The UTA Board of Regents has not discussed the school's departure for the Sun Belt yet. It isn't a done deal. If the WAC can convince UTA to stay, it will pull it off the BOR's schedule.
Why would UTA stay? A better question is "Why should it go?"
Like Texas State, this has the look of a school taking a Sun Belt invite because it feels it has to, not so much that it wants to.
UTA saw first hand how the press in the Metroplex handles the Sun Belt. In basic terms, the Sun Belt is not considered a Texan conference. It will not be covered well in the Metroplex.
The schools are much lower in academic stature than the WAC.
It is a football conference that hasn't done much in basketball.
The Sun Belt is basically a slightly better version of the FCS Southland Conference.
UTA just built a really nice basketball arena in an effort to mine the rich Dallas recruiting grounds. There are no elite basketball programs in DFW. UTA has a shot to do quite well in basketball in a reasonably strong basketball conference.
Will that happen in the Sun Belt? As a Dallas resident and UNT fan, I think the odds are strongly against UTA in the Sunbelt conference.
Sun Belt games draw horribly. It took UNT five straight years of 20-win seasons to land top DFW recruits, and UNT still doesn't get much media coverage in the Metroplex outside of Denton. The Sun Belt is a crap conference for a DFW school. It just is.
I suspect UTA has no desire to yoke itself to the Sun Belt, but it feels it has no choice. Staying in a WAC that doesn't want to evaluate regional members with an open mind and may implode is nonsensical.
UTA isn't just going to walk away from the Sun Belt. It has an offer; NMSU does not. Unless NMSU commits to the WAC in a substantial way, UTA would be foolish to commit to the WAC, as it would risk simply trading places with the Aggies.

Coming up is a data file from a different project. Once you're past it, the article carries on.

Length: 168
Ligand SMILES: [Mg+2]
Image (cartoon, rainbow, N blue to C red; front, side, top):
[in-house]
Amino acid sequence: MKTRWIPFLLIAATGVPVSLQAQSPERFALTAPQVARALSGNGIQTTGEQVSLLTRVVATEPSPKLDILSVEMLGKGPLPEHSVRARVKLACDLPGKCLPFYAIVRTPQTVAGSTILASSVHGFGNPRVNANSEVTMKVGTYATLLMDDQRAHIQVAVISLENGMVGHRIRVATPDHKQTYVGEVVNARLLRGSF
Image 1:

UTA has been surrounded by rumors of a potential start-up football program. If the WAC loses all of its football members, it opens the door to NCAA rewriting the rules to prevent the I-AAA WAC from inviting FBS upgrades. UTA has a lot of potential reasons to go and no reason to stay today.
If it ends the scurrying, the WAC can make UTA a better offer.
A stable core of an Olympic Western Athletic Conference—with two FBS members in the fold that are trying to rebuild—is not going to get stripped of the ability to invite FBS upgrades. If UTA commits to the WAC, there is little chance the NCAA will put hurdles in front of the WAC's efforts to rebuild.
The WAC can offer the FBS invite to UTA in exchange for UTA staying around and say, "While we would love it if you added football immediately, we have voted to offer this to you with a 10-year window to accept on this offer, AS YOU ARE A CURRENT MEMBER."
What else do departing members San Jose State, UTSA, Louisiana Tech and Texas State have in common? None of them have well-supported basketball programs.
While there is no putting a happy face on losing Utah State, the remaining WAC is a pretty promising basketball conference without those other four schools. The basketball culture in the remaining WAC is fairly strong, and that could be a very good pull on UTA.
If the WAC will protect UTA's potential for an FBS future, give its regional expansion desires the same weight the conference gave San Jose State's, and give UTA a better basketball present and an association with respected universities, then the conference might have a real shot to retain UTA.
Saving UTA would dramatically help the WAC. DFW is a top media market, and the recruiting potential of DFW could quickly help WAC basketball programs mature.
That gets the WAC back to a two football member, six all-sports member conference. That is, frankly, very fixable and could yield a conference at least as good as "the WAC that almost was."
Doing What Is Needed Will Yield Better Candidate Schools
I think stabilizing what it has is the first step to saving the WAC. Anything less than a serious commitment to the WAC by Idaho and NMSU is a halfhearted effort that will yield very few candidates, and substandard ones at that.
Anything less than a commitment to stability puts the conference at risk.
In my next articles, I will discuss strategy and schools that could help if the conference completes this first step. It is a long list, so there is every reason to take the first step.